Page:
Molly Beutz Land, Associate Professor at New York Law School, spoke about access to health information as a human right.
A Yale Law School graduate, former Bernstein Fellow and Lowenstein Clinical Fellow, Molly Beutz Land has experience as an IP litigator and writes extensively on access to knowledge themes from a human rights perspective.
She shared with us the preliminary results of a research project hosted at New York Law School. The work examines what international human rights law has to say about state responsibilities to provide health information to citizens, with special attention to professional and lay caregivers.
The project is being developed in partnership with Health Information For All 2015. Research indicated that a lack of health information - the common symptoms of serious illness, when to see a doctor - was an important cause of preventable death. So the question arose: what does international human rights law have to say about the responsibility to diffuse accurate health information to both professional and lay caregivers?
According to Beutz Land, much work has already been done saying that states have an obligation to collect information about disease and accidents to plan public health services. Additionally, the obligation of states to protect the privacy of individual health information is well established.
So this project is particularly interested in the obligations of state to provide and diffuse health information to the public. The team looked significantly to the guidance of UN Committee on Economic, Social and Cultural Rights. On this basis, they concluded that access to health information is a critical component of securing the rights to health, education, and to exchange and impart information.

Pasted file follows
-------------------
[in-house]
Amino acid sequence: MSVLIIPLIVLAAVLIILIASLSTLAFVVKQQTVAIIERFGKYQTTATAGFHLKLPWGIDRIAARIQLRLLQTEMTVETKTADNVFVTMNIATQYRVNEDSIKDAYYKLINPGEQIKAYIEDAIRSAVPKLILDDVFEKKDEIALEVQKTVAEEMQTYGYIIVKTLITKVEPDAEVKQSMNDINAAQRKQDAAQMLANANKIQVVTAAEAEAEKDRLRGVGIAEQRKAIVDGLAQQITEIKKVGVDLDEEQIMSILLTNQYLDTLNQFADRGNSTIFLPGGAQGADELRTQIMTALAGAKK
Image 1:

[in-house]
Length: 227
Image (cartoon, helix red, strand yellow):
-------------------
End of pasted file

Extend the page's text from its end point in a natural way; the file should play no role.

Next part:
This suggests that States have important positive and negative obligations to ensure access to quality health information. They must refrain from censorship and from spreading misleading health information. They must regulate the marketing of medicines, including traditional medicine. States also have a particular obligation to diffuse access to health information about the risks of cigarettes, domestic violence, and other key public health risks.
The speaker continued by saying that States should also ensure that everyone has access to an informed health care provider. This might be professional caregivers, but front-line caregivers such as parents are also essential. Good quality health care begins at home; so this creates a responsibility to educate the real caregivers.
A next step is to look carefully at barriers to the realization of these responsibilities, and prioritize them. What role is intellectual property really playing in access to health information? Research in medical journals is probably not where most caregivers would look to get valuable information. Basic, reliable, good quality health reference and educational materials are probably the most important.
The training of lay health givers empirically is a powerful force in increasing access to health information. There has been research here about the success in increasing the practice of breastfeeding, and awareness of oral rehydration therapy to avoid infant mortality. What would a village health information center look like?
This project offers a chance to examine what constitutes a working definition of access to knowledge. To what extent should we focus on removing barriers, versus building capacity? The risk is that we would look only at the former (censorship, IP) to the exclusion of the latter.
Molly Beutz Land suggested a broader framework for thinking about access to knowledge. Historically and rhetorically, the A2K movement has emphasized IP barriers. But we should also look more broadly, to building human and institutional capacity for cultural and knowledge production and diffusion.